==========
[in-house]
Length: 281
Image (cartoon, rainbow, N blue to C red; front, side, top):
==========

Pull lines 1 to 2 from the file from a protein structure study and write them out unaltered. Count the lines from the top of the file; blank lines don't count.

[in-house]
Length: 281